The HSA… It’s Come A Long Way

Sunderland Hunt Sabs were a force to be reckoned with.

Next year, the Hunt Saboteurs Association celebrates its 60th anniversary. It’s fitting, then, that a veteran hunt sab recently acquired a huge archive of HSA material that had him reflecting on just how far we’ve come in the fight against hunting.

“I was recently contacted by a long-lost member of the HSA Committee who had two large crates of ‘sabbing’ stuff he needed shot of ASAP. I went over to see him and left with a mountain of paper that I’ve spent the last month going through. It’s been a real trip down memory lane that illustrates just how far the HSA has come…

The files start in the mid-80s. There are desperate letters from student groups seeking help from the HSA to set up and get going. The HSA had very little money back then – there are reports from sales goods of £43 for a whole year of the junior wing of the organization. Pre-internet, pre-mobile phone, a lot of the letters are begging for help from an organization that could do little to assist when most of its members were students or unemployed.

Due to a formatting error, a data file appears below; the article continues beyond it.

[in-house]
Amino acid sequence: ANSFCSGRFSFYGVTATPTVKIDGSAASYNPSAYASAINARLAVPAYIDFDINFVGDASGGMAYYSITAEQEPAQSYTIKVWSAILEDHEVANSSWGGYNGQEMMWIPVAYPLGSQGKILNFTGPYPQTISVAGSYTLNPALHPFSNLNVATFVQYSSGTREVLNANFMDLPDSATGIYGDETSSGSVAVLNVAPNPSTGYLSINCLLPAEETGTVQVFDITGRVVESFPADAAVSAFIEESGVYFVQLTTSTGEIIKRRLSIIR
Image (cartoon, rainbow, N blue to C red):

A small selection from the archive.

The youth unemployment era of the 1980s was a great time to be alive. The Labour Party hadn’t brought in league tables, so schools hadn’t started to terrify students with tales of a life of under achievement if you didn’t do well in physics. University, if attainable, was free and council grants paid maintenance, so there was no debt. We weren’t pressurized and a few years on the dole while you worked out what to do was fine. There was only one careers officer in County Durham who told me I could get a job in the land registry. Young people had more time, and hunt sabbing was something worth putting time and energy into!

The files contain the fruits of that labour. There are thousands of newspaper cuttings and snippets of information (from obscure things like university library microfilm archives) on hunt meets, members and masters. There are laborious, pain-staking maps of hunt countries, hunt links with magistrates, coppers, local authorities, and quangos. There are advertised hunt meets – imagine that – a multitude of meet cards, careful correspondence between sabs and hunt supporters and a lot of clandestine stuff I’ve already burned.

Sunderland Hunt Sabs were a force to be reckoned with.